The UCRA tool can help cities identify service gaps in vulnerable neighborhoods. Photo by Lubaina Rangwala/WRI
3. Socially and politically connected communities are more resilient than others.
Though not especially wealthy, the Morarji Vasahat community is well-connected with city officials and political leaders. This is a big reason why its infrastructure is more resilient to flooding than the Ugat neighborhood.
Morarji Vasahat in Surat, India. Photo by Lubaina Rangwala/WRI
Residents of Ugat feel more disconnected. For example, survey results indicated that they do not know where their local administrative ward office is located, or the name of their corporator, an elected representative for the neighborhood. They expressed a lack of faith in local governance measures, instead focusing on community-based solutions to their waste-management challenges.
Several women from both communities complained that flood warnings reach them only after water has already entered their homes. They said they would benefit from receiving heavy rainfall warnings a few days earlier.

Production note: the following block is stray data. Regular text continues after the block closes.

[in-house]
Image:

Women in Surat, India participate in a community workshop. Photo by Lubaina Rangwala/WRI
Improving Resilience Throughout Surat
While poor residents across Surat are taking climate resilience into their own hands, critical gaps remain. The UCRA helps shed light on outstanding challenges and important differences between and within communities.
WRI presented the results of our survey and communities’ recommendations to Surat city officials during a multi-stakeholder workshop, to communicate gaps in emergency preparedness and climate resilience planning. Now, it is up to the city government to take this information and inform better, more climate resilient planning in vulnerable neighborhoods.
Learn more: Download our full report, Prepared Communities